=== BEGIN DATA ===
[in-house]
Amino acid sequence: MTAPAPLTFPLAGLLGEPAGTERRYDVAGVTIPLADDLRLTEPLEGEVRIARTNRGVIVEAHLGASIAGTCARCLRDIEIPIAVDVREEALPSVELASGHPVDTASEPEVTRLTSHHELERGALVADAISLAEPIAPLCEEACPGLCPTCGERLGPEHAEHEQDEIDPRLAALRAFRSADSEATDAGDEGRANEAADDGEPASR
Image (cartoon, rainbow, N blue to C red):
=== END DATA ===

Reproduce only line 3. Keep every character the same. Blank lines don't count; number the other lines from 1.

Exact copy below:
Image (cartoon, rainbow, N blue to C red):